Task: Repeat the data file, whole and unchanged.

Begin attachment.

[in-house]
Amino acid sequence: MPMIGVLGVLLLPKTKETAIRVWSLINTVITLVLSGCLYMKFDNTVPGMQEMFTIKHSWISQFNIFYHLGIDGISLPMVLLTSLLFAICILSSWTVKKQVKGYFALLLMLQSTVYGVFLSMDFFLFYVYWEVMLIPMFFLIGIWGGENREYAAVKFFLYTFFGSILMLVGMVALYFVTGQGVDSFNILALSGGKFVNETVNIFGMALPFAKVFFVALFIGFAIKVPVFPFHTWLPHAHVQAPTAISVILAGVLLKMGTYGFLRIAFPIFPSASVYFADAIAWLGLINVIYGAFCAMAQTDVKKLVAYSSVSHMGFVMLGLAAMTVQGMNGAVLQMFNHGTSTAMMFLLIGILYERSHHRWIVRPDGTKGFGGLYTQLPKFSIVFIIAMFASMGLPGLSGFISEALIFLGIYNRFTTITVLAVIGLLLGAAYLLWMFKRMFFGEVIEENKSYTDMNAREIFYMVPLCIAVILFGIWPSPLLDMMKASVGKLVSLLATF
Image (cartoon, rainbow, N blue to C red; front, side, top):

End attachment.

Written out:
[in-house]
Amino acid sequence: MPMIGVLGVLLLPKTKETAIRVWSLINTVITLVLSGCLYMKFDNTVPGMQEMFTIKHSWISQFNIFYHLGIDGISLPMVLLTSLLFAICILSSWTVKKQVKGYFALLLMLQSTVYGVFLSMDFFLFYVYWEVMLIPMFFLIGIWGGENREYAAVKFFLYTFFGSILMLVGMVALYFVTGQGVDSFNILALSGGKFVNETVNIFGMALPFAKVFFVALFIGFAIKVPVFPFHTWLPHAHVQAPTAISVILAGVLLKMGTYGFLRIAFPIFPSASVYFADAIAWLGLINVIYGAFCAMAQTDVKKLVAYSSVSHMGFVMLGLAAMTVQGMNGAVLQMFNHGTSTAMMFLLIGILYERSHHRWIVRPDGTKGFGGLYTQLPKFSIVFIIAMFASMGLPGLSGFISEALIFLGIYNRFTTITVLAVIGLLLGAAYLLWMFKRMFFGEVIEENKSYTDMNAREIFYMVPLCIAVILFGIWPSPLLDMMKASVGKLVSLLATF
Image (cartoon, rainbow, N blue to C red; front, side, top):